Waiting for the Pop (Instant Gratification)


“Hey, I’ll be making jelly around 5 pm…” My neighbor’s text came at the right moment. Submerged in my sea of unnecessary worry, a break for simple pleasures like making jelly felt like just the right therapy.

Nina and I are gardeners in a rural community. We had both been to a workshop on growing and preserving a medicinal variety of hibiscus. I’d decided to stick with growing and drying the product for tea because the canning process seemed too complicated, but Nina’s method of canning changed my mind.

Nina grows her own berries, so I was good to go on my pledge to eat local all month. When I arrived she was already stirring a raspberry and blueberry mixture. Buster, her even tempered husband, was there taking a break from selling the pastel eggs that some very happy chickens give him most of the time.

The chickens weren’t laying. Nina explained chickens naturally go through a hormonal cycle that causes them to crave motherhood — made me wonder if this meant something special – like a signal from nature to lay off the eggs at certain times of the year. Now that pun was not intended, but I’ll keep it anyway and tell you that my next post will be on how to make an easy, sumptuous dish with eggs and mushrooms.


Raspberry/Blueberry Jelly, Jam and Syrup Recipe
Nina was planning to use some of her mixture to make syrup for pancakes, so she didn’t add the pectin right away. She used about a gallon and a half of berries and about four cups of light brown organic sugar instead of refined sugar. The amount of sugar is variable, but this amount was just perfect for my tastes.

  • Wash the berries first and strain off any water.
  • Use a heavy ceramic iron or stainless steel pot, and start the berries and sugar on a medium heat.
  • Stir constantly and bring the mixture to a rolling boil.
  • Reduce the heat and keep stirring for about 5 minutes, then add the juice of 2 fresh lemons to add brightness to the berry flavor.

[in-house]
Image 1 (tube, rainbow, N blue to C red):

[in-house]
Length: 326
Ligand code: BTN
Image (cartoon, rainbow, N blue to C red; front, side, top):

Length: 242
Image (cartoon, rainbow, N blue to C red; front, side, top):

Taking out the Syrup
Drain off the amount of syrup you want. Nina made 2.5 pints that she immediately poured into sterilized Ball jars, screwed on the lids tightly and then set them aside. Let your helper stir the remaining mixture during this process. If you don’t want to make syrup, you can just coat the berries with pectin and stir before you add the sugar and start the heat. (See below – Waiting for the Pop — for how much to fill the jars.)

Pectin for Jelly or Jam
Keep the rest of the berry mixture simmering on low ¬¬– stir constantly. Adding the pectin at this point can be tricky because it can lump when the mixture is hot. Nina slowly sprinkled in six tablespoons of Ball Real Fruit Low or No Sugar Pectin while constantly stirring the mixture.

Foam, Mashing and Straining
Sometimes the mixture will create foam that is unattractive. If you are mashing and straining to get rid of seeds as we did, you may not need to skim off the foam. I helped Nina mash and strain the berry mixture using a ladle as the masher and a strainer that was small enough to filter out the raspberry seeds – which would be fed to the chickens later on!

We left some of the pulp, so in theory this would be jam. If you strained all the pulp and just used the juice – it would be jelly. We then reheated the remaining liquid until it started to bubble just slightly, poured it into sterilized Ball Jars — using a wide-mouthed funnel and immediately put the lids on tightly. Don’t fill the jars to the top – fill just to the middle of the jar’s mouth. You need to leave a layer of air that will seal the jar. Nina’s mixture yielded about six and a half pints of jam that would go to family and neighbors for immediate use.

Waiting for the Pop

Nina does not use a water bath for an acid mixture that she plans to use right away. As long as you leave an air pocket of ¼”, the mixture is hot enough, and the lid is screwed on tightly, you only have to wait for “the pop” — the signal that the seal on the jar is tight.